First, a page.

[00:52:23.898] Jason Evans: Yeah, absolutely. Consent is a big part of this process and we're borrowing on top of existing process for registration and consent into a variety of different medical programs, patient support programs that private industry uses or government agencies use. There has to be some type of consent process and some sort of sign off to capture the participants consent into the specific intervention that they're being part of. And then furthermore, also an understanding of the legality and it's nice that laws like GDPR exist. where you have to spell it to the user, the types of data that you're collecting, how you're using that data, where it's being shared, how long it's being stored for. Like in Canada, clinical trials typically have a shelf life data requirement of approximately 15 to 20 years. I think it's the same time span in the US. So like that data ownership, who's going to store those records? How do you get those records if need being? And so forth. And that's where a lot of the healthcare privacy laws intersect with these type of technologies, because the same standards have to be adopted into the design. And that's where almost you have to be compliant to the regulatory requirements. And they're there to safeguard individuals so that there's no harm being introduced to them, you know, not understanding the consent process and what they're getting into. So it has to be clearly spelled out to the participant. They have to understand it. There has to be some type of record. And then there has to be some type of maintenance of those records for a period of time as well. Plaka, Georgia, would you like to further add to anything there from your experiences?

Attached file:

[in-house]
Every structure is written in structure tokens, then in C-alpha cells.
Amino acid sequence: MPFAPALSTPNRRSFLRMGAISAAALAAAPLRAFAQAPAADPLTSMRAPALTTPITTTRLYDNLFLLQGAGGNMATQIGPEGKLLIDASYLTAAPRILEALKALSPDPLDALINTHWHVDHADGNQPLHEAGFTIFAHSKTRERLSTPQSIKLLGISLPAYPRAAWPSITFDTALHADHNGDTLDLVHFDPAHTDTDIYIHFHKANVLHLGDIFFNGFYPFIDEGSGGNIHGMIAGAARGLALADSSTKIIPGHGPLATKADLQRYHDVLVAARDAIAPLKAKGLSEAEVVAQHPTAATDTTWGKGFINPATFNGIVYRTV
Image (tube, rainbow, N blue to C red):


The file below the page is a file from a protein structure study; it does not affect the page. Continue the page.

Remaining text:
[00:54:08.562] Georgia Livieri: Yes, I totally agree with you, Jason. And I also want to add that I think that the emphasis should play a pivotal role in this process to the design of informed consent, not only to the implementation, I think. We should place all our attention on that because they do have philosophical and humanistic approach and I think it's of crucial significance to add this parameter in the future.